Imagine if a student today time-traveled to the classroom of 1917. Our time-traveling student would be out of place culturally, and yet the classroom itself might not be terribly different. In the classrooms of 2017, chalkboards have been replaced by whiteboards, overhead projectors by LCD projectors or even some type of SMART board, but are students still sitting in rows and turning in worksheets? Or they creating, producing, and collaborating?
When one of my own kids brought home a classroom syllabus from school, I felt deflated as I read it. The paper looked as if it had been typed — on a typewriter — decades ago. The teacher had scribbled out percentages on the paper and handwritten over them before sending it through the copy machine. Students will complete 30 homework problems each night (with the answers in the back of the book) — not exactly engaging, transformative, or innovative. I have difficulty imagining that the students in this classroom are inspired to learn more on their own or are looking forward to another day of lectures, rows, and drilled practice.
In the Introduction of The Innovator’s Mindset, George Couros (@gcouros) writes,
We forget that our responsibility isn’t solely to teach memorization or the mechanics of a task but to spark a curiosity that empowers students to learn on their own.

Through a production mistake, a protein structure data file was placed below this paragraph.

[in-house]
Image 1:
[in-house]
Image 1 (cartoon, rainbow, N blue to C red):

To become leaders.
We forget that if students leave school less curious than when they started, we have failed them.
Why is it so difficult to innovate in education today? Students have access to more information in their pockets than I had in an entire school library, yet they are often told to leave their phones in their lockers, or they’re blocked by school firewalls on all kinds of websites.
While some teachers become early innovators in their buildings, it’s rare to see an entire building of innovators. One key difference between a handful of innovators and an entire system that values innovation lies in leadership. Innovative leadership is still uncommon in the world of education. After leaving the face-to-face classroom to work as a lead instructor at Michigan Virtual, my new supervisor told me, “I see my job as being the person to remove barriers for our teachers.” I thought she was messing with me. I’m sure I looked highly skeptical after years of feeling roadblocked in a large public school system. But she was true to her philosophy, and it’s a philosophy I keep at the forefront as I now lead teachers within our organization.
What would be possible for classroom teachers if all school leaders took the approach of removing barriers for their teachers? How would that ultimately change a classroom experience for students?